Here is an extract from a recent article in The Economist: WITH an estimated $2 billion a week being wagered in Asia alone on football, the notion that match-fixing in the sport was a small, contained problem always strained the imagination. But the scale of the allegations in a report issued on February 4th by Europol, the pan-European police agency closely aligned with Interpol, still managed to stun most observers. The investigators identified a whopping 680 matches in 30 countries as potentially suspicious, including 380 in Europe from 2008-11. Some of them involved the sport's most prestigious competitions, including the English Premier League (EPL), the pan-European Champions League and international tournaments."

  • on May 29, 2013, 17:31 GMT

    "In football, celebrity does not allow players to cling on well past their best" - err you might want to take a look at a recently retired Paris SG player...

    But no your points are fair ones, I think with time the IPL will become and more of a meritocracy, they needed the ageing big names to get things moving.

  • on May 29, 2013, 17:28 GMT

    Ed Smith as mentioned many times to compare IPL with CL is not right it may be better to premier league soccer. In that case I'll think an IPL game was genuine before i believe any game thats played in the Italian soccer league.

  • ARad on May 29, 2013, 17:20 GMT

    There is one other crucial difference between the games that Ed Smith did not address. Cricket offers many more opportunities for (mindless) spot-fixing (such as noballs) than football and they may not always affect the results of the game. This probably gives a number of cricketers a certain amount of moral elasticity. Also, cricketers are hardly as well-paid in general compared to footballers. Buying them to bowl a pesky noball or two is much easier.

  • on May 29, 2013, 17:05 GMT

    Dear Ed, while I support some of your points, I utterly disagree with many of them. First of all, IPL is a national league lets say just like EPL and to compare it with champions league football, its not the same. You could have compared with CLT20 at least. Secondly, there are as many as three formats in cricket unlike just one in football which is played for a regular 90 minutes, 11 players a side. Different cricket fans and lovers have different affinity towards each format of the cricket game. Thirdly, like in cricket, no matter how ludicrous and money-rewarding club football is, players I believe would be more proud to play for the country and win for the country rather than for the clubs. Lets take an example from recently retarded football icon Beckham, who reportedly told he had maximum pride and enthusiasm to play for England than any other clubs and leagues. So, lets not be so quick to compare IPL with CL when its merely six years old!!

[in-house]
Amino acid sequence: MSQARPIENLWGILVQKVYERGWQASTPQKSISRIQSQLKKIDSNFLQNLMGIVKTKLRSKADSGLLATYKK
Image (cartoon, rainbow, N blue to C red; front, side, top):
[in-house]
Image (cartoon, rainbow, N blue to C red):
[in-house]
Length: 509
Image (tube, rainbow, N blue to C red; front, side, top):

• Mohammad_Aziz on May 29, 2013, 17:03 GMT

    "if a footballer threw a Champions League final, do you think his team-mates would put up with him the following season?" I can without a doubt can say the same about IPL. If anyone proved to be guilty, all his teammate will feel similar (if not more) hatred and cheated feeling. But that does not make it really less vulnerable.

  • ProdigyA on May 29, 2013, 16:31 GMT

    Relax people. Forget the champions league, lets talk about FIFA, which is even more popular than CL. There are huge allegations about matches fixing, corruption, money laundering and what not, to the extent that even David Cameroon, PM of UK went on record to critisize FIFA. So pls dont tell me football is cleaner than cricket. Having said that, im not justing the acts of the corrupt in IPL. They should be punished severely and im sure thats going to happen.

  • Cpt.Meanster on May 29, 2013, 16:09 GMT

    I am a Canadian who only started viewing cricket since 1997. Even then, I never liked the test format. I thought it was too long and boring. Even today I prefer watching ODI and T20 cricket formats. But coming to the point, being a Canadian I HARDLY watch soccer. In fact MOST Canadians and Americans don't care about soccer here in North America so I guess this article is not aimed at us. However, I understand that soccer is a big deal in Europe including parts of Asia. Coming to the point however, the IPL is only 6 years old and it has many flaws and misconceptions. It is still far from being a polished league. The same can be said about ALL the domestic leagues that have recently popped up around the world. They are all clones of the IPL. First of all please don't compare the IPL to the Champions League soccer. If you wish to draw comparison, the English Premier League would be the right one. Even then, there is a lot of history there. Give the IPL 10 more years and then come back.